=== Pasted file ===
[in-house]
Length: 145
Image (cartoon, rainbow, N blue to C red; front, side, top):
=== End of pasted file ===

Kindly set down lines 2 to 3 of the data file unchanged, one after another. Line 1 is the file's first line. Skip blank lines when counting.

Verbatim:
Length: 145
Image (cartoon, rainbow, N blue to C red; front, side, top):